Which WR3s Have WR1 Potential? (2018 Fantasy Football)
Owners drafting in the first few rounds expect to be able to acquire WR1s with their picks. Even as you venture into the WR15 to WR20 range, there are likely to be more than a few WR1 finishers by the end of the season. However, those diamonds in the rough come after the players expected to provide at least WR2 floors and being drafted as such.
Our writers take a look at players with ADPs over WR24 to provide you with current WR3s that have a legitimate shot at finishing the season as WR1s. Can it happen? Sure, just look at Adam Theilen last year.
With that, here are WR3s that carry WR1 potential.
The ADP numbers below come from our consensus ADP for PPR leagues.
Chris Hogan (NE) ADP WR25
At ADP 25.7 among wideouts, Hogan just barely qualifies, but he is the correct answer to this question. He proved it just last year. Prior to the injury his shoulder, Hogan was the 11th most valuable WR in 0.5 point-per-reception leagues over an eight-game game stretch. Now, with Brandin Cooks gone and Julian Edelman serving a four-game suspension, Hogan has even more upside. Tom Brady will be looking Hogan’s way early and often, so 1,000+ yards and 10+ TDs are entirely within reach.
Andrew Seifter – @andrew_seifter
I hate to be unoriginal, but Hogan is the only name that catches my attention here. He is going to be peppered with targets through the first four weeks of the season with Julian Edelman suspended and Brandin Cooks no longer in town, and as I have said multiple times, volume matters. I almost went with Jeffery, but he has an extensive history of soft-tissue injuries and that always scares me away. Keelan Cole is intriguing if he steps into Marqise Lee‘s role as the number one receiver in Jacksonville. They have the easiest schedule when it comes to facing off against opposing pass defenses.
Shane Davies – @fantasysd1
Corey Davis (TEN) WR26
When you watch the kid play, a younger Brandon Marshall immediately comes to mind. The Titans realize this too, which is why they spent a top-10 pick on him last year and are intending on focusing their passing attack around moving Davis all over the field. In order to finish that high, you need volume and touchdowns, both of which Davis not only can provide, but ought to be expected to provide. I’ve moved him into my top 20 wide receivers with no regret.
Bobby Sylvester – @bobbyfantasypro
Everything we’re hearing out of Titans training camp is that Davis is clearly the go-to guy in the offense. While some may scoff at that, we saw what Davis was capable in last year’s playoffs when healthy, hauling in nine passes for 98 yards and two touchdowns in the two games. Him struggling last year likely had to do with him missing almost all of training camp as a rookie and never developing chemistry with his quarterback. Now in a new offense with an entire offseason of work under his belt, there’s star potential here.
Mike Tagliere – @MikeTagliereNFL
Marquise Goodwin (SF) WR29
Currently being drafted as a mid WR3, Marquise Goodwin is the perfect candidate to finish as a shock top 12 WR. Quise is playing for a rapidly improving offense run by an offensive-minded head coach featuring the greatest quarterback in NFL history. He’s the clear No. 1 WR on his team and is proving to be more than just a deep man. He was the WR9 in an admittedly small sample size with Jimmy Garoppolo from Weeks 13-16 last season. The 49ers have a terrible defense and should be in a fair amount of shootouts. I would not be surprised if Jimmy G exceeded 600 pass attempts. With that type of volume, Goodwin could shock the world with a WR1 finish.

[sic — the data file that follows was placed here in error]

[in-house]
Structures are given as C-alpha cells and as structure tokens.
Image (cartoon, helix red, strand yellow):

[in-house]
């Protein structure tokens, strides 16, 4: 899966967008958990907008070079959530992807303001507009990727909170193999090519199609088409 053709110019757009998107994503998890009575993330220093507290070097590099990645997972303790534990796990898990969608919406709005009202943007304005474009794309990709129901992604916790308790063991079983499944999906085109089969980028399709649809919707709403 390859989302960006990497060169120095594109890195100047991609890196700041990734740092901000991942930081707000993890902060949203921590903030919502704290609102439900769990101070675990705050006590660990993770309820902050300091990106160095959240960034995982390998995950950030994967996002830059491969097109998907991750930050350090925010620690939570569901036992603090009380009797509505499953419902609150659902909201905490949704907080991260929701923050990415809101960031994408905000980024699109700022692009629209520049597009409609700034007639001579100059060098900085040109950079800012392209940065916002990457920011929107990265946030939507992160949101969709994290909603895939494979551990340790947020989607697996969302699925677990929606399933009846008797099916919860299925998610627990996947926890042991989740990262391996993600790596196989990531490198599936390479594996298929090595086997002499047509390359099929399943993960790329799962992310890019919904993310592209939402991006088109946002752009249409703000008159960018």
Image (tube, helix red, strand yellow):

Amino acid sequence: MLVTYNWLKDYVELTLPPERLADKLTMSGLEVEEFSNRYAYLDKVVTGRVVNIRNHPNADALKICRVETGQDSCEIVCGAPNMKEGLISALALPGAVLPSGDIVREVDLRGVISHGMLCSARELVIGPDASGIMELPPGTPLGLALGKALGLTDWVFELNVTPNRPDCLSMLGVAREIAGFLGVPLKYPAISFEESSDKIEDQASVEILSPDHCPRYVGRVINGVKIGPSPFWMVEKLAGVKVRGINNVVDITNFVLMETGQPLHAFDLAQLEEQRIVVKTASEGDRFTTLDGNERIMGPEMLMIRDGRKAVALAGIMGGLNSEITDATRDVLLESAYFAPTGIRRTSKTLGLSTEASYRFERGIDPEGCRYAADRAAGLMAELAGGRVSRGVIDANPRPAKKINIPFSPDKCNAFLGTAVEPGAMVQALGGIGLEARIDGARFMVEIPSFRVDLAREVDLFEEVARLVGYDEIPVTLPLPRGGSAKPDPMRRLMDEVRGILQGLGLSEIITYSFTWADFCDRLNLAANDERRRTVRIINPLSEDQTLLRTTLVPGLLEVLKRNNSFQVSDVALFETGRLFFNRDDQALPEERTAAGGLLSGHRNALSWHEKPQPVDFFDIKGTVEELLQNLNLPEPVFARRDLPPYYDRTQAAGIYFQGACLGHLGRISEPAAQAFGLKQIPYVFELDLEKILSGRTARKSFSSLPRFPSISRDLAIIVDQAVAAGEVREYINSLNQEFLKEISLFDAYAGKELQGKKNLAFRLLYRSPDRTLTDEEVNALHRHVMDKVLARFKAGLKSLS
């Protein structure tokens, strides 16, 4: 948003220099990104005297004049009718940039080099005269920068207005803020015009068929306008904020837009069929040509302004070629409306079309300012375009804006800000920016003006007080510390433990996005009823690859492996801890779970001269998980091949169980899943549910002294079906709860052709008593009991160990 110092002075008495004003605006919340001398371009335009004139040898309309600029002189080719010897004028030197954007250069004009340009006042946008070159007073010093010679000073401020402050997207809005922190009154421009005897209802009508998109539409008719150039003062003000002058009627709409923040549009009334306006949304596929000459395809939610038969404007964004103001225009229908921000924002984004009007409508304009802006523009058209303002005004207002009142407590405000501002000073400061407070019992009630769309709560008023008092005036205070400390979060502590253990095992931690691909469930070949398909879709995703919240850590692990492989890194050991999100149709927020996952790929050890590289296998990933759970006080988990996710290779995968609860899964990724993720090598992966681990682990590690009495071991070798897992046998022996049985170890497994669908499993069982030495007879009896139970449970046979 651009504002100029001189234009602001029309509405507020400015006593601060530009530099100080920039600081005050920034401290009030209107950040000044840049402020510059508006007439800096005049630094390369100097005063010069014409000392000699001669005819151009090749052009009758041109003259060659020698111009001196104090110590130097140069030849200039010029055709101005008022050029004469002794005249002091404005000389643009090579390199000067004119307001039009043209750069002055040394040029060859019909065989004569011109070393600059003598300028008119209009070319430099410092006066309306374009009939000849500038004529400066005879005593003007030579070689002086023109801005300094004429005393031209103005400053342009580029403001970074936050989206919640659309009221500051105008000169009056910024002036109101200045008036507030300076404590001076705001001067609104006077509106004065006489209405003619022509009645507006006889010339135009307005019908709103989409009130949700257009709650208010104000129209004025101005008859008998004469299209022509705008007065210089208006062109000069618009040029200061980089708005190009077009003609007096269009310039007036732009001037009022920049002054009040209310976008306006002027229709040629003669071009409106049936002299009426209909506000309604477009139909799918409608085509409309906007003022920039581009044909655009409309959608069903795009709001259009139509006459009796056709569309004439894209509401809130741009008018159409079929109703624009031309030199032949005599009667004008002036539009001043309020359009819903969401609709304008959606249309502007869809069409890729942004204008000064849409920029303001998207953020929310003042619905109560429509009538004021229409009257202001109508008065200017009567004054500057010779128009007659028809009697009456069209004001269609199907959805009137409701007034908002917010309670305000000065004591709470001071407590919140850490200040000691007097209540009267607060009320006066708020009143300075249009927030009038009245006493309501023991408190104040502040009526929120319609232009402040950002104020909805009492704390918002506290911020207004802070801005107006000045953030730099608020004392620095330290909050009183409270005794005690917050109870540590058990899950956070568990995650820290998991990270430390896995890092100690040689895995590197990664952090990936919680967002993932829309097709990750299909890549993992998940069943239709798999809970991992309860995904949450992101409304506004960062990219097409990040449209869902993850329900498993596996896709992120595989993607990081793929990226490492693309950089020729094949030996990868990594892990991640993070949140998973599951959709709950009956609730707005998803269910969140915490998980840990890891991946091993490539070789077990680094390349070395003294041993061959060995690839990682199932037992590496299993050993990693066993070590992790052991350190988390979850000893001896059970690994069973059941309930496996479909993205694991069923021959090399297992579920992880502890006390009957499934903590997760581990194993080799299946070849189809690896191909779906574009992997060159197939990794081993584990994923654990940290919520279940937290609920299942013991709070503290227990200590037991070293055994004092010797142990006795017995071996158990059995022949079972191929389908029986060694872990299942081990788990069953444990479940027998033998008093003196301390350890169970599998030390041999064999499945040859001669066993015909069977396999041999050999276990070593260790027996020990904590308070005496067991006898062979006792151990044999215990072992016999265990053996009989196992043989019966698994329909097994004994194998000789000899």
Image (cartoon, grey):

Jason Katz – @jasonkatz13
I am going to piggy back off of the Goodwin love. I’ve done three drafts so far, and I’ve landed him in all three leagues. This is great value for a guy who is the clear-cut No. 1 receiver in San Francisco. He started to develop some skills last season that made him an all-around receiver and not just a deep threat or a decoy. In the five games that Jimmy Garoppolo started last season, Goodwin averaged 4.5 receptions and 76.8 yards per game. He also only scored two touchdowns all of last year on 56 catches, so his TDs are sure to rise just on pure progression.
Jon Munshaw – @jon_munshaw
Emmanuel Sanders (DEN) WR31
Yes, Sanders had a bad 2017 season but he was plagued by injuries and poor QB play. He is now healthy, rejuvenated, and has a reliable quarterback. Denver beat writers are excited about Sanders and his connection with Case Keenum. If you believe the preseason and coach-speak, then he will play primarily out of the slot this year. Keenum loves to go to his slot receivers. Last year, he helped make Adam Thielen into a Top-10 WR. In 2014, Sanders was the No. 7 WR. Between 2014-2016, he averaged nearly 1,200 yards and 138 targets per year. He also had 20 TDs during that time.
Jamy Bechler – @WinningDFS101
Keelan Cole (JAC) WR64
Many of the high-upside options (Corey Davis, Sammy Watkins, Will Fuller, Robby Anderson) are doused in deep codings of risk, so I’m going to swing for the fences and say Keelan Cole, bay-bay. A WR1 finish is not ridiculously far-fetched considering he already did it in an abbreviated sample size as the WR9 from Weeks 11-17. He’s now Jacksonville’s top receiver with Marqise Lee out for the season, so volume and big-play potential could yield tremendous results for the sophomore.
Andrew Gould – @andrewgould4
So there you have it, players currently drafted as WR3s that have WR1 upside. More questions? Let us know @FantasyPros, and check out our other collaborative advice below.
Who’s Your RB1 in Standard-Scoring Leagues?
Who’s Your No. 1 Overall Pick in PPR drafts?
Who’s Your Must-Have Player?
Which Players Deserve a Second Chance?
Which Players Will You Never Draft Again?
Which Player Will Be 2018’s Top League Winner?
The Most Common Fantasy Football Draft Mistakes
Who’s Your RB5 in PPR Leagues?